My opinion, it is a good time to buy quality apartments, that would have been significantly higher in price 18 months ago.

How much is it possible to haggle down the price if paying in cash instead of taking a mortage loan from the developer? That the apartment is not finished when I buy it is definitely a problem. I guess buying the apartment furnished is out the question then?

Piotr123, if you are going to Krakow, you may want to consider, asking someone who is based in Krakow,to assist you in your quest.

I have relatives in Krakow and I can speak Polish even if I'm quite rusty. Also, I think that I know the ropes well enough not to fall in the biggest traps as a "frajer".

Concerning the discussion about prices, even the really expensive apartments in Sweden are located in old, worn out buildings which are very cold. All the apartments in Sweden basically look the same on the outside. In fact, many apartments in ghettos can look much better on the outside than extremely expensive apartments in the city center of Stockholm.

What you pay for in Sweden is the address and location, nothing else. Apartments are so expensive in Sweden that many new developments have huge mortage loans and the apartment owner must pay for the mortage loan monthly in addition to his own mortage loan for the apartment. The consequence is that people can pay €800 monthly for an apartment they own! This is in addition to the possible mortage loan they have for the apartment itself.

If new developments did not have mortage loans then the price for the apartments would be so high that normal people could not afford it. The mortage amortization period can often be up to 100 hundred years! There are some apartments in the center of Stockholm with little or no loans, although such apartments can often cost up to 1 million euro or more.
Wroclaw 44 | 5,384
16 Sep 2010 #48
What is this?

a toilet with a shelf.... to check if u have worms etc. it's a style of toilet bowl the germans were keen on, but not so much these days. i've never seen one in Poland.
poland_
16 Sep 2010 #49
There are plenty of "nouveau riche" in Poland.

How much is it possible to haggle down the price if paying in cash instead of taking a mortage loan from the developer? That the apartment is not finished when I buy it is definitely a problem. I guess buying the apartment furnished is out the question then?

It depends on the situation,,of course if you are a cash buyer, there is no risk of you being refused a mortgage, so that will have a value to the seller.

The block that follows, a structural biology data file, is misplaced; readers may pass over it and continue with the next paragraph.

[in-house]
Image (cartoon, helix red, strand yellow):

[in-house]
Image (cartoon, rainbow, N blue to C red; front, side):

Here is a place I viewed while in Krakow, Poland.

It is priced at 2,100,000 was previously 2,500,000PLN, if you got it for 1,500,000 PLN I think that would be a good price. I made an offer for the place, but the person wanted to try and rent, I know they have been unable to find a tenant. It's a great location, one of the best views in Krakow.

I have relatives in Krakow and I can speak Polish even if I'm quite rusty. Also, I think that I know the ropes well enough not to fall in the biggest traps as a "frajer".

Ok here are a couple of sites for you to navigate your way around:

domiporta.pl
trader.pl

There are some apartments in the center of Stockholm with little or no loans, although such apartments can often cost up to 1 million euro or more.

There are many apartments in Warsaw, were the offer price are well above 1,000,000 Euro

Good luck with the search.
convex 20 | 3,978
16 Sep 2010 #50
What's the matter with a nice bathroom? It's their money...meh.
Wroclaw Boy
16 Sep 2010 #51
The problem with ANY developer is that they always install the cheapest materials. No matter whether we are talking $350,000 or $850,000 condos.

Not in the UK or Ireland.

Just for you WB:

That report is unbelievably biased, what a load of BS. I'm generally aware of the prices here in PL from most of the out lets, not much difference between here and the UK.

Well, I would disagree with you, many Polish developers offer finishing on apartments to a very good standard, it is called " Pod Klucz"

Turn key at a price, totally different.

Well, if he lives close by, go and ask him how much his bath cost and see what he has to say to you...

Lets get back to your quote

I guess Warsaw is Warsaw and Wroclaw is Wroclaw.

and the context in what it was written in. Dont be silly.

That would seem to be your problem,